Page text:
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Leading eLearning at St Margaret's College

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Brian Woods, digital learning facilitator at St Margaret's College, outlines their approach to supporting students and teachers with eLearning. The process was disrupted by the Christchurch earthquake which prompted further thinking about the place of eLearning for students and teachers.

Transcript

At the beginning we started very slowly, integrating laptops into our classes and we started off on a process of our International Baccalaureate students having laptops. We then have gradually over the past eight years started bringing on year nine students - and we did it as an opt in option which we had one laptop class at year nine. The success of that meant that the following year that three out of the five year nine classes opted in and after that it was a total opt in by all the school.

So initially it started off as a decision that was not made by the whole school but we had key staff who bought into it and were willing to integrate and use the laptops as part of their teaching and learning. Then from there I think other staff actually saw the benefits of what were happening and slowly bought into it as well. We had a bit of a hiccup called an earthquake and we then had to - the school was closed for four weeks. After about a week we thought we need to provide some online learning for the students. At that stage we didn't have a learning management system so we used FirstClass, which each class has its own conference folder on there, so teachers and students can exchange information and ideas. That was also used a lot for pastoral care and communication to the students about what was happening with school at the time. So suddenly the teachers went from a small group of teachers, that certain year levels integrating digital learning into their course, to suddenly everyone with the expectation of - 'Yes I need to provide some learning for all my classes and all year levels online.’ So it pushed things up an awful lot quicker than it otherwise would have been. Some of it wasn't sophisticated, some of it was, but it actually made all the staff rethink about, ‘Well how could I do what I usually do in front of the class and do it online?’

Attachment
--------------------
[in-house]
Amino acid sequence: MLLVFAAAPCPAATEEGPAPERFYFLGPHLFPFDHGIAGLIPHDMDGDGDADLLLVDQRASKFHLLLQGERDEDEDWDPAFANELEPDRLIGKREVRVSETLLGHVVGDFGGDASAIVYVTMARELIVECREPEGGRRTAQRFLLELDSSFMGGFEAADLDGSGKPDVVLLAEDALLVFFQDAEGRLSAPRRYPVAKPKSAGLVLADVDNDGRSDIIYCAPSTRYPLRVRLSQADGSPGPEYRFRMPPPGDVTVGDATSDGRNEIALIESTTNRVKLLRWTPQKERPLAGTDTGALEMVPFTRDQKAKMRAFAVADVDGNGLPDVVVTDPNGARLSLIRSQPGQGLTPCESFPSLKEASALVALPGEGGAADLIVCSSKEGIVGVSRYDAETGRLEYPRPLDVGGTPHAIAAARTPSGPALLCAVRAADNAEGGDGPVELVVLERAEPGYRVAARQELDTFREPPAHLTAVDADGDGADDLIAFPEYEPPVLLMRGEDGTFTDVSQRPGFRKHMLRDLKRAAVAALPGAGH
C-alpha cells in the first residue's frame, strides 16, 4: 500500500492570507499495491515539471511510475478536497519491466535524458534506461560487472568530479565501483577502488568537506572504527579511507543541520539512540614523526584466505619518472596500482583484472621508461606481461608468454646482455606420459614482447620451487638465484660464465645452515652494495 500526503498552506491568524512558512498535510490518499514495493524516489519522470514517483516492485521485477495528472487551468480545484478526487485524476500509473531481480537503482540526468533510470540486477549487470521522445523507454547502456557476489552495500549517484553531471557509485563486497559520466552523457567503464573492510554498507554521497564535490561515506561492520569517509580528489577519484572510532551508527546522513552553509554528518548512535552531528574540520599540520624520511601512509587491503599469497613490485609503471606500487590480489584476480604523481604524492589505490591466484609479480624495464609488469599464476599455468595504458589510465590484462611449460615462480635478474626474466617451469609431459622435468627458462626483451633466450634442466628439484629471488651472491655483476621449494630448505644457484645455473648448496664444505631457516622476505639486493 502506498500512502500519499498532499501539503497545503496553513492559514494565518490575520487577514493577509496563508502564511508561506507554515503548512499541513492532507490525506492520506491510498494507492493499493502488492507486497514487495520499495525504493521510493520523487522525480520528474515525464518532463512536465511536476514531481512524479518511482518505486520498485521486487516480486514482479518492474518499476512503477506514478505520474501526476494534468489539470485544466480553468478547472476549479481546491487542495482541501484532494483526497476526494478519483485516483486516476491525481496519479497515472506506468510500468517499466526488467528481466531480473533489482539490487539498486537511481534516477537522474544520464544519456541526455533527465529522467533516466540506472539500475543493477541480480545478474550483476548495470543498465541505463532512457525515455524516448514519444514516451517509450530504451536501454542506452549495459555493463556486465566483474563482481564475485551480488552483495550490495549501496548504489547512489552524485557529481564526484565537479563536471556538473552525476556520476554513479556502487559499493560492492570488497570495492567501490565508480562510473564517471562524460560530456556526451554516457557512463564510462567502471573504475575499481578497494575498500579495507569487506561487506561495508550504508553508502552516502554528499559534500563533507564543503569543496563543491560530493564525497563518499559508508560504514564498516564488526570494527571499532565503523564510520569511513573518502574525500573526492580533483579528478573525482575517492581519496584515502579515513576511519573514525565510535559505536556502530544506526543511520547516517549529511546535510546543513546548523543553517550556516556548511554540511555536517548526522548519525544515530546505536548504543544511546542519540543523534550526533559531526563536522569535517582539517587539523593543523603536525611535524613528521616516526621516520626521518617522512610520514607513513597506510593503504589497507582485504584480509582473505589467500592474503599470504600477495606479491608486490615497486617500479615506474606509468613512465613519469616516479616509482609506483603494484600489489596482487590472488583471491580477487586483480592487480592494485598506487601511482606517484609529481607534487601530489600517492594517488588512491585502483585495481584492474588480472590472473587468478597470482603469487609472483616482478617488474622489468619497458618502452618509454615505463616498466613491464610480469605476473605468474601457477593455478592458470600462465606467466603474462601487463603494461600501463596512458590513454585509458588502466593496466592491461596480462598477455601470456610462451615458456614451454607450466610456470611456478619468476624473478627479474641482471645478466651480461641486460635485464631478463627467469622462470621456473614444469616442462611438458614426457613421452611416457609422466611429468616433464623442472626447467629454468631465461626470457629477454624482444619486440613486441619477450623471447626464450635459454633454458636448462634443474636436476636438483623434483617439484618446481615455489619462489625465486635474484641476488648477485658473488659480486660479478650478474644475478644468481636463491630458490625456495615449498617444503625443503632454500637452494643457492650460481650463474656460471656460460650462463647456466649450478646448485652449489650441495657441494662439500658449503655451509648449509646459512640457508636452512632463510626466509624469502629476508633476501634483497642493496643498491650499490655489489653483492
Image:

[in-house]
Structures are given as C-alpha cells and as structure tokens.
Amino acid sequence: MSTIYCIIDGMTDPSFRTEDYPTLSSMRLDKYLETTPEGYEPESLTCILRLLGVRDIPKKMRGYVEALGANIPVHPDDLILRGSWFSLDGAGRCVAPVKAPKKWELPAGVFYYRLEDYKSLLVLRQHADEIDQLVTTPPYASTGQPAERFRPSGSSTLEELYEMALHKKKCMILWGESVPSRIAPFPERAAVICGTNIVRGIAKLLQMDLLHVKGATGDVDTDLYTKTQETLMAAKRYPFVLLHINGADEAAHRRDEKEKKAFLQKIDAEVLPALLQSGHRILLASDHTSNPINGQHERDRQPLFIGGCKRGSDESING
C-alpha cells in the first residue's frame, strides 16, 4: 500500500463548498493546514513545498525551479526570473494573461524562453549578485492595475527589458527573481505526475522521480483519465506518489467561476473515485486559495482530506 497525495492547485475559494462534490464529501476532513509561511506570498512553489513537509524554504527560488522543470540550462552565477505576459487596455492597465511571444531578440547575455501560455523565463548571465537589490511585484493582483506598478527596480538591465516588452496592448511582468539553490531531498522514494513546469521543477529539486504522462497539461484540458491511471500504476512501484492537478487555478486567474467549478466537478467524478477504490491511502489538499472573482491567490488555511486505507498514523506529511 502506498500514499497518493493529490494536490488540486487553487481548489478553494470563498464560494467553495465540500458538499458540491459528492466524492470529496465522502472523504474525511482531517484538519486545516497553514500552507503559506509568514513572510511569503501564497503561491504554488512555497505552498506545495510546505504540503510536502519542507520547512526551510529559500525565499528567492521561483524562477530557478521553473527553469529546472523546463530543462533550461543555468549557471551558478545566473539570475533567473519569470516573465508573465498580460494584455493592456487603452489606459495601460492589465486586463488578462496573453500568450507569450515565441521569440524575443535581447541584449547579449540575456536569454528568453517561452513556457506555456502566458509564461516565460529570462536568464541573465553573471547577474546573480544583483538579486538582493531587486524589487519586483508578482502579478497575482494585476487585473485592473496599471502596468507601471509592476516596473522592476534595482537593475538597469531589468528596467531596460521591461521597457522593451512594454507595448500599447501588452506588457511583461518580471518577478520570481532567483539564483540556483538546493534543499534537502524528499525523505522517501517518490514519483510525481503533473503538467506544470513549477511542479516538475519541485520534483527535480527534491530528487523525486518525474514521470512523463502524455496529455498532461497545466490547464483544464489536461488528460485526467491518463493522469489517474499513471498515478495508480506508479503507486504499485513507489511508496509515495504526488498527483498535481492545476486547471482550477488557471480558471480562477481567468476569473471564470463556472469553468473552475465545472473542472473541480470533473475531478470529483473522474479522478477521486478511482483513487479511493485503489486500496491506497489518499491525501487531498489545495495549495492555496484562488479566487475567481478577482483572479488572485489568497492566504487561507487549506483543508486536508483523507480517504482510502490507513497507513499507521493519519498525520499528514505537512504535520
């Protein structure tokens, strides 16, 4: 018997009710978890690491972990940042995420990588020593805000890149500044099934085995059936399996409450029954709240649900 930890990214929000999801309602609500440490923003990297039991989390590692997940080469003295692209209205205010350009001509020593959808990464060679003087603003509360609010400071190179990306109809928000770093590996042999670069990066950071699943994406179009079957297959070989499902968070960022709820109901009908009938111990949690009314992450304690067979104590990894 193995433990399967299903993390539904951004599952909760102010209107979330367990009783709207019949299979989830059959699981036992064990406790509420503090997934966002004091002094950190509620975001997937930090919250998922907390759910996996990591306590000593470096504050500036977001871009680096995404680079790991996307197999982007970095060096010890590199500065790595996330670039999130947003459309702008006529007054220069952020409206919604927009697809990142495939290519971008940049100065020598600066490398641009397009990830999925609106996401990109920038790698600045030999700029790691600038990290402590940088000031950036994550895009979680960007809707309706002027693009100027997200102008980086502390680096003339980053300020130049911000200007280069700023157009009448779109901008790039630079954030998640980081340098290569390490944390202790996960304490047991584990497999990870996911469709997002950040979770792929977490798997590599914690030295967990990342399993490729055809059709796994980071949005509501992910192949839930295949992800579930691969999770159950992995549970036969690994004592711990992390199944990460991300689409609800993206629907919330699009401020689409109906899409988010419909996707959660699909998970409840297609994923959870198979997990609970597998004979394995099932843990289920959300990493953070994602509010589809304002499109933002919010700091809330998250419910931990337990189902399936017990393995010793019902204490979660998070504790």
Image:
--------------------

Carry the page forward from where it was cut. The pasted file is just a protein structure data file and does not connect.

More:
Where to next is - I think the earthquake has pushed us into implementing a learning management system which we are, as of yesterday I think, it's just gone live. So we'll be, for the rest of the year, we'll be working at implementing that. Staff have a lot of other pressures at the moment because of the earthquake but it's not stopping our path into incorporating IT into all classes throughout all year levels. The next step for us is to start implementing and getting PD on blended learning.

It's a slow process but I think we feel that it's better to get it right rather than rush it in and teachers don't like change. So if you can do one step at a time teachers feel familiar and happy with it then it will be more successful than just sitting rushing in saying you will have to do this. So we'll be starting off as a opt in volunteer scheme and getting those people enthused and then for them being able to show their practice to other staff within the school and then let it snowball from there.


Published on: 10 Apr 2012


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